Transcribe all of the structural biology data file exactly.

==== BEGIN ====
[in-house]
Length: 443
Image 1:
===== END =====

[in-house]
Length: 443
Image 1: